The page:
Asteroid today: Dangerous space rock hurtling towards Earth! Clocked at 54972 kmph
NASA has deployed its latest and most complicated technological assets to keep a close watch on the dangerous asteroids coming towards Earth. NASA's Planetary Defense Coordination Office is responsible for monitoring the skies and keeping a watch on various Near-Earth Objects (NEOs). If any celestial object is at risk of Earth impact, it red flags and issues the alert. NASA has red flagged an asteroid named Asteroid 2022 SC9 which is expected to fly past Earth at an extremely close distance. Although the asteroid is not heading for impact with Earth, it was still classified as a Potentially Hazardous Object due to the close proximity with which it will pass by Earth. It could head for impact with Earth if it deviates from its path due to interaction with Earth's gravitational field or some other extraneous force.
Asteroids which come closer than 8 million kilometers from Earth's orbit are classified as potentially hazardous asteroids, according to NASA.
Asteroid 2022 SC9 hurtling towards Earth today, Oct 3
NASA has warned that Asteroid 2022 SC9 is on its way towards Earth travelling at a staggering speed of 54972 kilometers per hour. It will make its closest approach to the planet today, at a distance of 5 million kilometers. According to NASA, Asteroid 2022 SC9 is almost the size of a commercial aircraft with a width of nearly 140 feet.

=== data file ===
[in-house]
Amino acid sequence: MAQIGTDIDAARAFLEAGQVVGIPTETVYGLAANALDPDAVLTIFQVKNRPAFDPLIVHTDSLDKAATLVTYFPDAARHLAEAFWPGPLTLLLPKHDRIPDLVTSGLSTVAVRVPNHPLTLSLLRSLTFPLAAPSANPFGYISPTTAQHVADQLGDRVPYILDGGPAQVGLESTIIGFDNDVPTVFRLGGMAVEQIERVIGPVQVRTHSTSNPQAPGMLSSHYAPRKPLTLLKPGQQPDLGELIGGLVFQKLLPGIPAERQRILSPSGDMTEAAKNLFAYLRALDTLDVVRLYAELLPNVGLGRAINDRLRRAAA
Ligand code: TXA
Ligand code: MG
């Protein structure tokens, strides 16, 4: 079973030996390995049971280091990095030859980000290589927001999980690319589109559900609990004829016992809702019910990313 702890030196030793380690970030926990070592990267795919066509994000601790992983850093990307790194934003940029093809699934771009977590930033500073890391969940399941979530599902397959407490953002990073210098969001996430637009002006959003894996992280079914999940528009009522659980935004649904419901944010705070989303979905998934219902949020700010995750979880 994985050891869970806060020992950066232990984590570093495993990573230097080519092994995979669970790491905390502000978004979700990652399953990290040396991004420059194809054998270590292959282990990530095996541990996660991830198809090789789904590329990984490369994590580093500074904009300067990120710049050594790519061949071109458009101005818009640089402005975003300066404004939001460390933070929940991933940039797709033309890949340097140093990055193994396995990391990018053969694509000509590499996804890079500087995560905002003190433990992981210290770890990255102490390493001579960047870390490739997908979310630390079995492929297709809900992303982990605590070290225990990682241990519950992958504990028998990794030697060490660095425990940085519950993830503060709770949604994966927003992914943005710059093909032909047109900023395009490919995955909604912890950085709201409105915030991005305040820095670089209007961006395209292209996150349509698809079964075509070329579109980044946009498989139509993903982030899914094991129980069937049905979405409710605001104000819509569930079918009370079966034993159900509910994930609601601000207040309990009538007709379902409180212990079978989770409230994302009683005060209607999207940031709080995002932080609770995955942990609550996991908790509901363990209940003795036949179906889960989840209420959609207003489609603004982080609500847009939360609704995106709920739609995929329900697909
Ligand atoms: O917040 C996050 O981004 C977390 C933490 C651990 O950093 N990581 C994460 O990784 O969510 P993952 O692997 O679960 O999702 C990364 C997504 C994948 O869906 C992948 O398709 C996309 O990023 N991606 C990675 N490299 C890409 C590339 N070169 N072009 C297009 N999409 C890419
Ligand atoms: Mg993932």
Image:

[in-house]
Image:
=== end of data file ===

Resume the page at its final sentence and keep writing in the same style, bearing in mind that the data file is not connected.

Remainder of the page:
According to the-sky.org, Asteroid 2022 SC9 belongs to the Apollo group of asteroids which are a group of near-Earth asteroids named after the humongous 1862 Apollo asteroid, discovered by German astronomer Karl Reinmuth in the 1930s. Asteroid 2022 SC9 orbits the Sun in around 466 days. During this trip, its farthest point from the Sun is at 264 million kilometers and its nearest point is 88 million kilometers.
After today's flyby, Asteroid 2022 SC9's next close approach with Earth will take place on October 6, 2082, at a distance of around 11.28 million kilometers.
How is an Asteroid Orbit Calculated?
An asteroid's orbit is computed by finding the elliptical path about the sun that best fits the available observations of the object using various space and ground-based telescopes such as NASA's NEOWISE telescope and its brand-new Sentry II algorithm. That is, the object's computed path about the sun is adjusted until the predictions of where the asteroid should have appeared in the sky at several observed times match the positions where the object was actually observed to be at those same time.